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William Aalto
Bill Aalto.jpg
William Aalto
Nickname Bill
Born 30 July 1915
Died 11 June 1958
Place of birth Bronx, New York City, United States
Place of death New York City, United States
Allegiance Flag of Spain (1931–1939).svg Spain
US flag 48 stars.svg United States
Service/branch Flag of the International Brigades International Brigades
United States United States Army
Years of service 1937 - 1938, 1941 - 1943
Rank Lieutenant, Army-USA-OR-08a First Sergeant
Unit Abraham Lincoln Battalion, Office of Strategic Services
Battles/wars Spanish Civil War, World War II

William Eric Aalto was born in the United States. He was a member of the communist party, and he joined the Abraham Lincoln Battalion, which was a unit that volunteered to fight during the Spanish Civil War for the Popular Front.

Eatly lifeEdit

William Eric Aalto, of Finnish extraction, was born in the Bronx, New York on 30 July 1915. His mother, a militant member of the Finnish Communist Party, had fled to the United States due to her radical political beliefs. She enrolled in the local communist party, educating her son with Marxist ideology. After leaving school, he worked as a truck driver and was a member of the Young Communist League.[1]

Spanish Civil WarEdit

Aalto arrived in Spain on 17 February 1937,[2] joining the other International Brigades at Albacete. In March 1937 he joined the Spanish Communist Party. During the war, he volunteered for dangerous guerrilla operations which frequently required him to work behind enemy lines for up to weeks at a time. Working with International brigaders, Alex Kunslich and Irving Goff, Aalto was trained by Soviet instructors in the use of pressure-sensitive explosives to destroy railroad tracks, bridges and power lines. One of their objectives was the destruction of the main supply bridge spanning the Albarracín River. The operation may have been the inspiration for Ernest Hemingway's novel For Whom the Bell Tolls.[3]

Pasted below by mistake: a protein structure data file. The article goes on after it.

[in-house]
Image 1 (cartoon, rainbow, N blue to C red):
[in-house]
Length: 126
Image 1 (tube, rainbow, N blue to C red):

At the end of 1937, Aalto took part in the Battle of Teruel, working behind enemy lines again with Kunslich, Goff and Spanish guerrillas.[4]

On 23 May 1938, Aalto, now a lieutenant, led the successful amphibious operation at Carchuna, Motril on the southern coast of Spain, which resulted in the rescue of 300 Republican prisoners held in the Fort of Carchuna. This raid constitutes the only operation of its kind ever undertaken by the Spanish army.[5]

In September 1938, with a Republican defeat in sight, the Abraham Lincoln Battalion was withdrawn from the front line and shortly afterwards disbanded. William Aalto returned to the United States.

During his time in Spain, Aalto wrote: "A soldier who is politically conscious that he is right and who has a feeling of community with his society... will do his job well.".[6]

Second World WarEdit

In 1941, Aalto's former comrade-in-arms, Irving Goff, recommended him for recruitment to the Office of Strategic Services. At this time, Aalto confessed to Goff that he was a homosexual. Goff and other OSS Lincoln veterans reported the fact to the organization's head, General William Donovan, requesting for him to be removed from their team.[7]

In 1942, Aalto was transferred to a training camp at Camp Ritchie, Maryland.[8] In September 1943, while training soldiers in demolition work, Aalto saw someone drop a live grenade and lunged for it. Before he could throw it away, the bomb exploded, severing his arm at the wrist.[9]

Post-WarEdit

With the help of his disability pension and the G.I. Bill, he returned to further his education, studying poetry at Columbian University. At this time, he published several pieces of his writings in the New Masses.[9] After his betrayal by the OSS Lincoln veterans, Aalto drifted away from contact with the Veterans of the Abraham Lincoln Brigade.[8]

Aalto then travelled to Europe, where he met the poet W.H. Auden. Though sharing the company of other poets, Aalto now wrote little and tended towards alcoholism, frequently becoming violent.[9] Toward the end of his life, he was poet James Schuyler's lover, and features in the latter's poem Dining Out with Doug and Frank.[10]

William Aalto died of leukemia in June 1958, and was buried in Long Island National Cemetery.

ReferencesEdit

  1. Romerstein, Herbert. Heroic Victims: Stalin's Foreign Legion in the Spanish Civil War. p. 87.
  2. Romerstein, Herbert. Heroic Victims: Stalin's Foreign Legion in the Spanish Civil War . p. 87.
  3. Carroll, Peter N. The Odyssey of the Abraham Lincoln Brigade. Stanford University Press, 2003. ISBN 0-8047-2277-3. p. 167
  4. Carroll, op. cit., p. 167
  5. Graham, Helen The Spanish Civil War: a Very Short Introduction, Oxford University Press, 2005. ISBN 978-0-19-280377-1. p. 53
  6. Carroll, op. cit., p. 118
  7. Carroll, op. cit., p. 254-57
  8. 8.0 8.1 Graham, Heather. Pers. comm.
  9. 9.0 9.1 9.2 Carroll, op. cit., p. 256
  10. [1]

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